Mr. Lockton, who, by the way, writes also under the name of Edward Teschemacher, is one of the most successful lyric writers of recent times. More than eighteen hundred of his lyrics, including eighty song-cycles, have been set to music and published, and a very large number owe at least some of their success to him. A list of his better-known songs have become world-famous; for example, 'Because', 'Where My Caravan has Rested', 'Down Vauxhall Way', 'Until', 'I know a lovely Garden', 'Shipmates o' Mine', 'O Lovely Night', and 'Tommy Lad '. These and others belong to an imposing list of composers, Tosti, Sir Frederic Cowen, Leoncavallo, Sir Landon Ronald, Montague Phillips, Eric Coates, Haydn Wood, Teresa del Riego, Wilfrid Sanderson, Easthope Martin, Frances Allitsen, Hermann Lohr, Herbert Oliver, W. H. Squire, Guy d'Hardelot, Evelyn Sharpe, and many others. The artists who have sung naturally include many of the greatest; for example, Caruso, Santley, Clara Butt, McCormack, Melba, and others. He is still writing, being set, and being sung.
This, however, is not the full extent of Mr. Lockton's contribution to song. A great number of Lieder, those of Schubert, Schumann, Tchaikovsky, and Liszt, for example, have been translated into English by him, and even opera and oratorio have received his attention. Brahms's Requiem has been done by him into English, and the most difficult of all, Wagner's Parsifal.
The most piquant contributor to the present series. Prominent Fabian, like previous speaker Wells; but whereas Wells has been something of a professional prophet, Shaw has centralised his talents rather on breaking the images of past and present.
Extremely kind, but pretends not to be. Pulls legs. Can get more wit on a postcard than most humorists can crowd on a sheet of foolscap. Born in Dublin, 1856; came to London, 1876; free-lanced; suffered through the application of a new antiseptic; years later he pilloried medicals in The Doctor's Dilemma, and seems to have done pretty well without them.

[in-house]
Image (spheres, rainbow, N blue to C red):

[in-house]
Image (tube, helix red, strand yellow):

First play Widower's Houses, produced at Royalty Theatre, London, 1892. Came into his own with the Vedrenne-Barker Management at the Court, 1904 to 1906. He had 'scintillated' for the Fabian Society since 1884; was awarded Nobel Prize for Literature, 1925.
Vegetarian; Socialist; recreations, anything except sport. Pretends to be unsentimental, but showed himself the most romantic of men by his championship of Ibsen. St. Joan, New Theatre, 1924. Plays now performed all over the world. No clearer or more charming voice is ever likely to speak into the microphone. Has added the word 'Shavian' to the English language.
Weather Forecast, Second General News Bulletin
ANTONIO BROSA (violin)
MAX PIRANI (pianoforte)
JACQUES IBERT , one of the youngest of modem French composers, has been conspicuous in the British broadcast programmes lately, particularly with his Escales (Seaports), which was performed recently in a Contemporary Concert, and his Suite Symphonique, which is a series of musical pictures representing daily life in Paris.
' The little white ass ', originally a pianoforte piece well-known to listeners, is here arranged for violoncello and piano.
LEW STONE and his BAND
Relayed from The Cafe Anglais
(Shipping Forecast, on Daventry only at 11.0)